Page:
August 11, 2009 ☼ Andaman & Nicobar ☼ Bay of Bengal ☼ Burma ☼ earthquake ☼ India ☼ Indian ocean ☼ natural disaster ☼ Public Policy ☼ Security
This is an archived blog post from The Acorn.
The Indian Ocean tsunami that resulted in the deaths of around 20,000 Indian citizens (and displacement of around 700,000) occurred less than five years ago. The human tragedy of the earthquakes in Kashmir (October 2005) and Gujarat (January 2001) are also relatively fresh in public memory. After these natural disasters you would have thought that the Indian government would be a little more active in disseminating timely, accurate and relevant information regarding seismic events. And you would be wrong.
The online edition of the Times of India reported a 7.6 magnitude earthquake off the coast of the Andaman islands at 7:55 UTC on 10th of August. It was a wire service report, quoting the US Geological Service (USGS). The USGS site provides a summary, measurement details, maps and other information, including a link to a tsunami alerts. Its Indian counterpart, in comparison, only showed a terse ‘preliminary’ report stating the location of the quake and its magnitude. Neither the Indian Meteorological Department (IMD) nor the National Disaster Management Authority (NDMA) had any useful information about the nature of the quake and the risk of a tsunami.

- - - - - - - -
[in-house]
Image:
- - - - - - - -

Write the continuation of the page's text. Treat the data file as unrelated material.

There is, however, a ‘crowdsourced’ website that provides such information based on secondary (reported) information. The Amateur Seismic Centre is a commendable initiative, run by one Stacey Martin who started it in June 2000 as “a one-stop guide to earthquakes in India as well as south Asia.” It puts the Government of India to shame. (See its report on today’s quake)
The UPA government has shown itself adept at creating new bureaucracies after disaster strikes. It does not seem to be capable of doing the relatively trifling—but crucial and life-saving—things such disseminating timely information.
Update: Amit Varma wrote about last night: even the Indian mainstream media was late in reporting it.
Update: On 12th August, The Hindu reports that India’s National Tsunami Warning Centre had issued an alert six minutes after the quake. Why then didn’t the media pick it up, while they picked up the USGS report?
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